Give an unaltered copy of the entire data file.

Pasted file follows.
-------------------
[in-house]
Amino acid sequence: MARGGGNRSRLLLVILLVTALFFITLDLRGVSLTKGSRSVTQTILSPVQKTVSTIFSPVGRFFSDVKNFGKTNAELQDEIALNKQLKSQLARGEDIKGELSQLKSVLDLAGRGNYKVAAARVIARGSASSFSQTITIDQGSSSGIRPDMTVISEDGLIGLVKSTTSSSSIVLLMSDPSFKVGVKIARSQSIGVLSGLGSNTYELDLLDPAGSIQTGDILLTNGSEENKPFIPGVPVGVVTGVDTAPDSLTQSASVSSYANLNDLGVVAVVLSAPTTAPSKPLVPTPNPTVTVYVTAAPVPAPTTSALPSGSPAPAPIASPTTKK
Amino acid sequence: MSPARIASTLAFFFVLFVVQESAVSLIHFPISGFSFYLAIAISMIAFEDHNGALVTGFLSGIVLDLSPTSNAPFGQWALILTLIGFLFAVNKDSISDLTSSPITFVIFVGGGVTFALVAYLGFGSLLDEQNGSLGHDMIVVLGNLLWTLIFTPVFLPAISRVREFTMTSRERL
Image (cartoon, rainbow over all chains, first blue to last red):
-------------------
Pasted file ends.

[in-house]
Amino acid sequence: MARGGGNRSRLLLVILLVTALFFITLDLRGVSLTKGSRSVTQTILSPVQKTVSTIFSPVGRFFSDVKNFGKTNAELQDEIALNKQLKSQLARGEDIKGELSQLKSVLDLAGRGNYKVAAARVIARGSASSFSQTITIDQGSSSGIRPDMTVISEDGLIGLVKSTTSSSSIVLLMSDPSFKVGVKIARSQSIGVLSGLGSNTYELDLLDPAGSIQTGDILLTNGSEENKPFIPGVPVGVVTGVDTAPDSLTQSASVSSYANLNDLGVVAVVLSAPTTAPSKPLVPTPNPTVTVYVTAAPVPAPTTSALPSGSPAPAPIASPTTKK
Amino acid sequence: MSPARIASTLAFFFVLFVVQESAVSLIHFPISGFSFYLAIAISMIAFEDHNGALVTGFLSGIVLDLSPTSNAPFGQWALILTLIGFLFAVNKDSISDLTSSPITFVIFVGGGVTFALVAYLGFGSLLDEQNGSLGHDMIVVLGNLLWTLIFTPVFLPAISRVREFTMTSRERL
Image (cartoon, rainbow over all chains, first blue to last red):